Clinton rips Sanders by linking New York violence to guns from Vermont
Democratic presidential candidate Hillary Clinton speaks during a campaign event at the AME church in the Queens borough of New York on April 10, 2016. (Reuters/Eduardo Munoz)

Joined by women affected by gun violence, former secretary of state condemns Sanders for failing to back ‘commonsense’ gun control plan

Hillary Clinton continued to put heat on Bernie Sanders on Monday for what she described as his failure to challenge the national gun lobby or to support what she called a “common-sense agenda” on gun control.

“Most of the guns that are used in crimes and violence and killings in New York come from out of state. And the state that has the highest per capita number of those guns that end up committing crimes in New York come from Vermont,” Clinton said at a panel on gun violence prevention in New York.

Ahead of New York’s primary on 19 April, Clinton sat down with Democratic congressman Steve Israel and five women who have been affected by gun violence. She addressed an enthusiastic crowd about her plan for improved background checks and stronger anti-trafficking laws before turning the microphone over the the panellists. Clinton called the women “some of the most courageous and persistent voices you could hear anywhere”, noting how intimidating the gun lobby can be to people who agitate for gun control.

One panelist, Natasha Christopher, whose 14-year old son was killed in Brooklyn in 2012, said she “told Mrs Clinton in the back that I was an undecided voter before, but I am with her now”, to raucous cheers from the audience.

Gun control has been comfortable terrain for Clinton during the primary season as perhaps the only issue where voters find her positions to the left of Sanders. Clinton has repeatedly attacked Sanders for supporting legislation that prevents victims of gun violence from pursuing legal action against firearm manufacturers, a position Sanders has shifted on somewhat. “If you have a manufacturer that is sending guns into an area and really knows that those guns are not being used or bought by the people in that area … should we hold that manufacturer liable? Absolutely,” Sanders said during a Democratic debate in Flint, Michigan, in March.

Clinton reiterated her support for stripping this kind of protection on Monday. “That is the rule for every other business that makes and sells every other thing in our country,” Clinton said. “You do have a duty to the general public not to be negligent, not to be irresponsible.”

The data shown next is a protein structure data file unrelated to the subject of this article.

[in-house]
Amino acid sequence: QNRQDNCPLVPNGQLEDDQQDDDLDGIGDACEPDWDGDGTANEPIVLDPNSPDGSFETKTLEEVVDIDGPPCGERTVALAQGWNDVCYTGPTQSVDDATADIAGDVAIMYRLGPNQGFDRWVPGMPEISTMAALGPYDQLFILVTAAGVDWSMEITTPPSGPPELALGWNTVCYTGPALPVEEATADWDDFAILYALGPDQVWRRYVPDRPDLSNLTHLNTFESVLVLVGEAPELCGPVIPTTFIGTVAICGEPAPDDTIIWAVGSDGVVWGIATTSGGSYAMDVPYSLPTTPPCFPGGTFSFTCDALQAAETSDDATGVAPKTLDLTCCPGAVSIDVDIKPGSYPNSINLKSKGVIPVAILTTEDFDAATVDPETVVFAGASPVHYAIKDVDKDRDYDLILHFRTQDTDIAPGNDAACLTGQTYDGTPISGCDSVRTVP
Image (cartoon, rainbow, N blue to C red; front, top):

Clinton called the story of Sandy Phillips, one of the event’s panelists, a perfect example of the type of problems this immunity can cause and the type of intimidation the gun lobby employs. After her daughter Jessica Ghawi was killed in the Aurora, Colorado, movie theater shooting in 2012, Phillips attempted to sue the ammunition manufacturer, only to have the suit thrown out, with the judge ordering Phillips to pay more than $200,000 in legal fees. Phillips said on Monday her family was going to declare bankruptcy “because there is no way on God’s green earth that I’m giving that company one penny”.

Phillips ended her story with a plea for action and warned: “You are one degree of separation from this being your story, and you do not want to walk in our shoes.”

Sanders often explains his relatively permissive voting record on firearms, seemingly out of step with his progressivism, by noting that he represents a pro-gun state with a strong hunting culture and very low crime. Clinton sought to challenge that.

“This is not, ‘Oh you know, I live in a rural state, we don’t have these problems,’” Clinton said. “This is, you know what? It’s easy to cross borders. Criminals, domestic abusers, traffickers, people who are dangerously mentally ill – they cross borders, too. And sometimes they do it to get the guns they use.”

Clinton’s claim that Vermont sends the most guns used in crime per capita to New York may be technically true due to the state’s proximity and small population, but it is also somewhat misleading. According to the ATF, in 2014, 55 traced guns found in New York were traceable to Vermont, less than 1% of the roughly 7,686 that were recovered, (though only 4,585 of those guns were traceable to a state). Most illegal guns in New York come from the south.

Clinton is campaigning on a platform that includes increased mental health screening for gun sales and the federal criminalization of straw purchasing, in which buyers with clean records purchase guns and resell them to individuals who could not pass a background check.

Straw buying is technically illegal because it is a crime to make a false statement on the ATF form required to make a purchase. However, “because that law isn’t specific to straw purchasing, these cases are difficult to prove and therefore aren’t often pursued by federal prosecutors”, said Chelsea Parsons, vice-president of guns and crime policy at the Center for American Progress.

In 2008, Clinton campaigned to the right of Obama on guns, seizing on a comment the president made about disaffected Americans “cling[ing] to guns” to paint him as out of touch and elitist. During this campaign cycle, however, Clinton has used the issue to prod at Sanders’ progressive bonafides. So far, the strategy has proven successful, as Clinton has been able to secure high-profile endorsements from former congresswoman Gabby Giffords, who was a victim of gun violence, and the Brady Campaign.

The latest polling shows Clinton, the onetime New York senator, with a 15-point advantage over Sanders in the state.